Mortgage rates, which had been easing slightly through July and August, pushed higher yet again, after Federal Reserve Chairman Jerome Powell made it clear to investors that the central bank would stay tough on inflation, even if it caused consumers some pain.

The average contract interest rate for 30-year fixed-rate mortgages with conforming loan balances ($647,200 or less) increased to 6.01% from 5.94%, with points decreasing to 0.76 from 0.79 (including the origination fee) for loans with a 20% down payment. Read More > at CNBC

Study: Cannabis use during pregnancy may harm child’s long-term mental health – Offering a cautionary tale to pregnant individuals who think smoking a joint is no big deal, new research links prenatal cannabis exposure to social, emotional and behavioral problems in offspring that may persist into early adolescence: ages 11 to 12.

Researchers analyzed roughly a dozen measures, ranging from rule-breaking to aggression, a “sluggish cognitive tempo” and “psychotic-like experiences.”

In a research letter published Monday in JAMA Pediatrics, the investigators said the affected children also may face a greater risk of “psychiatric disorders and problematic substance use” as they enter the peak period of vulnerability in later adolescence.

For the study, researchers from Washington University in St. Louis analyzed data from the ongoing Adolescent Brain Cognitive Development Study of 12,000 youth, the largest long-term study of brain development and children’s health in the United States. Read More > at UPI

Could Beavers Save California from Climate Change? – California beavers have long been reviled for their ability to destroy farmland. But a crushing heat wave and lingering drought have led scientists to take a second look.

“Beaver dams improve water quality and control water downstream, repair eroded channels, reconnect streams to their floodplains, and the ponds and flooded areas create habitat for many plants and animals,” according to the California Department of Fish and Wildlife (DFW). “It might be odd, but beavers are an untapped, creative climate-solving hero that helps prevent the loss of biodiversity facing California.”  

DFW is now looking to hire personnel for its new Beaver restoration unit. The head of the unit will help update state beaver policies and propose “nature-based restoration solutions” including the development of artificial beaver dams. The goal is to help beavers help us, since they’re increasingly seen as warriors against the effects of climate change.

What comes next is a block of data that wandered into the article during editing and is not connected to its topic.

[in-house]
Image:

For this project, DFW has a budget of at least $3 million over the next two years. It will eventually hire five new people to oversee the restoration program.

Beavers are a native California species. They have historically been found along the coast throughout the Central Valley, Colorado River basin, and into the Sierra Nevada and Cascades mountain ranges. Read More > at California County News

A daily multivitamin could keep your memory sharp as you age – Taking a daily multivitamin and mineral tablet may slow the gradual cognitive decline that happens naturally as we get older.

At the end of a three-year trial, people who had taken a commercially available multivitamin-mineral supplement had a cognitive age that was 1.8 years younger than those who took a placebo.

“It’s an eye opener,” says Laura Baker at Wake Forest University in Winston-Salem, North Carolina.

The benefits of taking multivitamin pills have been debated among doctors. They were once widely recommended as an “insurance policy” for people with poor diets, based on studies that found those who take them tend to have better health.

But these studies weren’t randomised, placebo-controlled trials – the best kind of medical evidence – and when such trials were done, they found no benefit from taking supplements for most healthy people. It seemed the earlier results arose because vitamin tablets are more popular with people who look after their health in many other ways.

The latest research is a randomised trial in nearly 2300 US people aged between 65 and 100 years old. Read More > at the New Scientist

About Kevin

Manager of Mainframe Operations and Optimization – USS-UPI, Co-Founder and Board Member - Friends of Oakley A Community Foundation, Trustee RD 2137, Advisory Board – Opportunity Junction